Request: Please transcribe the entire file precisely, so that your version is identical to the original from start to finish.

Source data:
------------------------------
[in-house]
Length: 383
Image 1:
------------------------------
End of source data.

[in-house]
Length: 383
Image 1: